Toughie No 1965 by Petitjean
Hints and tips by Gazza
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BD Rating – Difficulty ***/**** – Enjoyment ****
We have another superb puzzle from the late Petitjean – mad hats are definitely the order of the day. I started it pretty slowly but Petitjean has kindly provided a fair number of gimmes to help the tardy solver and I picked up speed once I had half of the grid filled.
Please leave a comment telling us how you fared and what you thought of it.
1a/ 9a Suggestive input that might make a molecule out of a molehill? (10,4)
PREDICTIVE TEXT: cryptic definition of a very annoying feature of mobile devices which it is best to turn off in my experience.
9a See 1a
10a What Bamford to Manchester fast train might do for amateur detective (4,6)
MISS MARPLE: Bamford is a village in the Peak District on the Sheffield to Manchester line. A fast train on this line is unlikely to stop at smaller stations, including a town near Stockport.
11a Violin section provides middle eight (6)
BRIDGE: double definition, the second a passage (typically of eight bars) linking two parts of a song.
12a Engine drivers knock back drink — lots! (7)
PISTONS: reverse a verb to drink slowly and add an informal word for a large number.
15a See second half of game, not first, in fashionable feature (7)
ELEMENT: start with an adjective meaning fashionable or stylish and replace the first half of the word ‘game’ with the second half.
16a Genial role now and then for wooden lump (5)
GNARL: alternate letters from two words in the clue.
17a Check filling of pesto panini (4)
STOP: a lurker.
18a Meditator greeting US soldier (4)
YOGI: stitch together an informal greeting (mainly American) and a US soldier.
19a Aromatic Spanish rice lacking endless anise and hot, right? (5)
SPICE: aromatic here is a noun, not a verb. Start with ‘Spanish rice’ and remove various bits as demanded in the clue.
21a Unappreciative individual made of granite (7)
INGRATE: an anagram (made) of GRANITE.
22a A socially unacceptable former colleague of Shane MacGowan hitting a new high? (7)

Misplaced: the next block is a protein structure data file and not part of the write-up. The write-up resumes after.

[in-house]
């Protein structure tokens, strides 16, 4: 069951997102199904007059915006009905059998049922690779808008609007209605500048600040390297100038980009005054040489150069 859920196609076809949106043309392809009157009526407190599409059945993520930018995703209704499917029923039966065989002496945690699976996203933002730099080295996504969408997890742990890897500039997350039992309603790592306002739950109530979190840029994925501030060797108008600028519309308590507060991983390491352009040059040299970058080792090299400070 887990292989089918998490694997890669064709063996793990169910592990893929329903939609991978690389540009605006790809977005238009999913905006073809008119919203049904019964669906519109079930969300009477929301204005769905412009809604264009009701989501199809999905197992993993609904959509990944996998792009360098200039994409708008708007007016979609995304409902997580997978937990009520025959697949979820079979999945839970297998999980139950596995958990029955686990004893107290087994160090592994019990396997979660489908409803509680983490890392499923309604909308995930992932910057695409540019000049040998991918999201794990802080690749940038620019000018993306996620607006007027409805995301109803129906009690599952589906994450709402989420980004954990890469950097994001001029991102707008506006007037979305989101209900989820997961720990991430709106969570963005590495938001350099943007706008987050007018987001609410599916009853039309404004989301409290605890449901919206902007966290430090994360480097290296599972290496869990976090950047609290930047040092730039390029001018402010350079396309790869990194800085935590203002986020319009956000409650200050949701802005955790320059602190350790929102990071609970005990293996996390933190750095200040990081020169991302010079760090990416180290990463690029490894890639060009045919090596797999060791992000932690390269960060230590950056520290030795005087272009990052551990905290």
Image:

APOGEAN: start with A and add a member of Mr MacGowan’s erstwhile group without the letter meaning socially acceptable. Finish with A and N(ew).
24a Blocks in east M51 — it’s a stinker being caught there (6)
EMBOLI: expand E(ast), M and the Roman numeral for 51 and insert the abbreviation for something personal that stinks or hums.
27a See about leaving fresh pie ‘alla tonno’ from Campania? (10)
NEAPOLITAN: an anagram (fresh) of PIE A[L]LA T[o]NNO without the letters of an exclamation meaning ‘see’ or ‘behold’. ‘about’ doesn’t contribute to the wordplay so seems to be there just to improve the surface.
28a Film actor‘s craggier characters appearing regularly (4)
CAGE: regular letters from a word in the clue.
29a Noise made by vociferous ox? (7-3)
YACKETY-YAK: cryptically this could be a raucous sort of ox.
2d Bar scoff (4)
RAIL: double definition – scoff in the sense of to jeer or mock.
3d Bully drank up, putting away last of Chablis (6)
DESPOT: reverse a verb meaning ‘drank to excess’ and insert the last letter of Chablis.
4d Film in which Spooner’s having a puff (7)
COATING: Spooner might have rendered this as TOKING (taking a puff on a naughty cigarette).
5d Game and cold pizza ordered (1-3)
I-SPY: ordered is indicating a homophone of ICE PIE.
6d What footballers should do in challenge (7)
EYEBALL: split the answer 3,4 to get what footballers should do.
7d Sound of gong a bit intrusive (10)
MEDDLESOME: what sounds like a gong or award followed by an adjective meaning ‘a little’.
8d Criminal interests acting finally as diversion, perhaps (6,4)
STREET SIGN: an anagram (criminal) of INTERESTS and the final letter of [actin]G.
12d Change incorporating border access for epidemic (10)
PESTILENCE: some small change (coins) containing a structure used to get across a border (from one field to another, say).
13d In-flight freebies? Cadge loads (6,4)
SPONGE BAGS: charade of a verb to cadge or scrounge and an informal word meaning loads or plenty. I presume that these are examples of what airlines hand out to their premium passengers on long-haul flights – I’ve no personal experience of this, having never risen higher in the pecking order than cattle class.
14d Expect a lengthy bill for this attack (5)
SNIPE: this is a wading bird with a long bill.
15d Some heather I categorise as ‘ling‘ (5)
ERICA: there are two words for heather found regularly in crosswords – ling is one and the other is hidden in the clue.
19d Mean to keep run tough (7)
STRINGY: an adjective meaning mean or miserly containing the cricket abbreviation for run.
20d Less than entirely impressive book abridgement (7)
EPITOME: join together an adjective meaning impressive or monumental without its last letter and a word for a weighty book.
23d Gritty leaders of Germany, Romania and Italy never yield (6)
GRAINY: the leading letters from the last six words.
25d 13 Down’s content? Answer lies in solicitous attention (4)
TALC: insert an abbreviation for answer into a three-letter abbreviation for solicitous (and affectionate) attention.
26d Cubata foremost a very adult drink (4)
CAVA: Cubata (new to me) is a cocktail made with dark rum. Start with its first letter and append A and the abbreviations for very and adult.
Lots to enjoy here. I particularly appreciated 1a,10a,12a and 7d but my favourite was the laugh-out-loud 29a. Which clue(s) had you in stitches?